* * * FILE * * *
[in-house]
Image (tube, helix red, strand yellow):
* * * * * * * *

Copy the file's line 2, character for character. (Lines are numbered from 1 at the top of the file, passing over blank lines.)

Image (tube, helix red, strand yellow):